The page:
BusinessWeek recently took a look at the dilemma facing value investors right now — that is, with the economic outlook still extremely hazy, the big recent rally generating predictions of a pullback, and valuation metrics bouncing around quite a bit, is it time to scale back stock holdings to wait for even better prices? Or should value-minded investors be happy with the current good buys in the market?
One of those weighing in is Oakmark Fund manager Bill Nygren, who has an excellent long-term track record of picking value stocks. Nygren sees big opportunities in stocks, and he’s been putting his money where his mouth is, with about 94% of his fund’s money in equities.
Nygren says that the market has a way of playing with people’s minds, writes BusinessWeek’s David Bogoslaw. While many have been fretting over the poor returns stocks have yielded over the last ten-year period, Nygren says that “part of what makes prospects for the future so exciting is that the losses stocks have suffered in the last year create an entry level today that is very attractive, relative to most historical entry levels. … We think it’s quite likely that returns for assuming risk will be historically large.”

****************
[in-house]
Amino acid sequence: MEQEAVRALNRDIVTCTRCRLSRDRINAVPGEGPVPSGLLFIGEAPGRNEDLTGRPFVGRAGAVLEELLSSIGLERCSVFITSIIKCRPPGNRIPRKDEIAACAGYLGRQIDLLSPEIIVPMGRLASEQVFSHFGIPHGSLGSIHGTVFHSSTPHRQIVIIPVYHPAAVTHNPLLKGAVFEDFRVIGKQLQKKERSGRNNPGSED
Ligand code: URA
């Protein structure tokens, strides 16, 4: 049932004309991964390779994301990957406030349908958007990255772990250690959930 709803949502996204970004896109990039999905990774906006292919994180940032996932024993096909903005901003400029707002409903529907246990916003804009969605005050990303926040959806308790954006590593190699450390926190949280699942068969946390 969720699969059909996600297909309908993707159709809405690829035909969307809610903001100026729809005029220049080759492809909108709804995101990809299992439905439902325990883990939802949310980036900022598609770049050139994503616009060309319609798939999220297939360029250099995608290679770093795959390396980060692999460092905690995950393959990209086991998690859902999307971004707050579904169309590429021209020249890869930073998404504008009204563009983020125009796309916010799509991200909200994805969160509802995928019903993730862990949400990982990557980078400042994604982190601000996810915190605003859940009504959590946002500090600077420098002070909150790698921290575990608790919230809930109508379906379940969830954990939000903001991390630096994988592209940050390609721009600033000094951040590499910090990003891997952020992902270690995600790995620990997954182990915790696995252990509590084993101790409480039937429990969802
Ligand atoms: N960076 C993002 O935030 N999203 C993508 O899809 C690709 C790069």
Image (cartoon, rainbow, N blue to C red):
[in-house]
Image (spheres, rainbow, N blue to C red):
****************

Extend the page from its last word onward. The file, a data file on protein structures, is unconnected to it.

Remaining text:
Nygren also offers an interesting perspective on what value investing means — or should mean. He says that while many people make the mistake of defining a value stock by its business characteristics, he defines it solely by price, Bogoslaw writes. “When Apple was trading at 200 and [earning] $5 a share, you needed to believe they were going to achieve extremely high growth rates [in earnings] to justify an entry point,” Nygren says. But when the stock got to less than $80 a share, with $6 projected earnings, its earnings multiple got to levels at which investors only needed to expect above-average earnings growth from Apple to justify buying it.